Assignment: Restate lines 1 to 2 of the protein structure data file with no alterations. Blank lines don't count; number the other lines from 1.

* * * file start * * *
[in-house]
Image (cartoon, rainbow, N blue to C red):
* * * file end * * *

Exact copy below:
[in-house]
Image (cartoon, rainbow, N blue to C red):